This could also explain reports from various states where bighorns share the same range with domestic sheep for 30 or more years without disease – yet suddenly have a die-off when other bighorns are moved into the area.

Repeated Die-offs Keep Happening in the West

The annual cost of transplanting and monitoring 50 bighorns per year in the Hells Canyon area from 1997 to 2002, was estimated at $241,000-$266,000 – an average of $5,070 per sheep per year. Yet how are the cost-to-benefits calculated when more sheep are dying each year than are being saved?

With ongoing transplants, the 1990-1997 increase from 1,240 to 1,460 California Bighorns in Southern Idaho looked promising until a couple of cougars found they were an easy meal. But the current decline to ~964 reflects what is really happening throughout the Western States.

From the Pacific Coast to the Dakotas, bighorn biologists are seeing the results of their ignoring science and causing countless die-offs in bighorn populations that once appeared healthy. In 2005 I briefly complimented the Bighorn Lottery because it provided money for legitimate research to reduce the die-offs.

But instead of first culling the bighorns that were still coughing and those that were tested and found to be disease carriers, the money was used for penned quasi-studies that blamed domestic sheep or goats for every one of the pneumonia die-offs. That was like blaming inadequate winter forage for mule deer die-offs caused by excessive stress or extreme deep-snow winters – it simply provided a handy excuse rather than a solution.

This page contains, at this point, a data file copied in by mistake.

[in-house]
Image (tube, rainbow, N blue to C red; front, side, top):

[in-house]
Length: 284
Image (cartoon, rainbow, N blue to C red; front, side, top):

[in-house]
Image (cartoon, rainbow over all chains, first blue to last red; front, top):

Aggressive Culling – The Tool for Recovery

Earlier this month (i.e. October 2014) Idaho and Washington biologists used helicopter net gunners to capture eight infected bighorn ewes, a second generation remnant of the Black Butte herd that numbered ~215 when the 1995-96 die-off in Hells Canyon occurred. These eight Washington ewes had almost no surviving lambs for years so why were they not culled sooner?

In 2010, bighorn sheep in the Yakima River Canyon were dying of pneumonia and Wash. Biologists aggressively culled them to prevent the disease from perpetuating itself. They were successful and the herd is rebuilding itself with good lamb survival.

Regardless of whether the disease was triggered by domestic sheep, transplanted wild sheep or any of multiple stress factors, aggressive culling appears to be the only logical tool to achieve recovery.

A New Definition of a “Trophy”?

In 2007 IDFG convinced the legislature to throw out the 3/4-curl minimum horn size requirement and allow bighorn permit holders to kill “any ram”. They claimed they did this to simplify enforcement and to be uniform with Washington and Oregon regulations in Hells Canyon.


Male lambs are classified as yearlings once they are older than one month (IDFG Photo)

A 2012 photograph of the Lincoln Cliffs bachelor band in NE Washington shows 24 rams with more than half of them mature adults, yet only one permit was issued for that band through 2013. That was increased to two permits in 2014 only after the band reached an all time high and with additional human development scheduled in the area.

By comparison Idaho issued 12 permits for Middle Fork of the Salmon Unit 27-1 after counting only 14 mature rams among the bighorns in this Unit. There are four public airstrips and two private outfitter airstrips for access in this wilderness unit and outfitter/guide services are available throughout the unit.

Hunter odds of harvesting a mature ram are excellent in the Lincoln Cliffs and other NE Washington units while the odds of harvesting even a young ram average only 24% in the Idaho Wilderness unit. Idaho’s emphasis on selling maximum hunting opportunity in all but Trophy Unit 11 is designed to increase revenue rather than restore healthy Rocky Mountain Bighorn populations.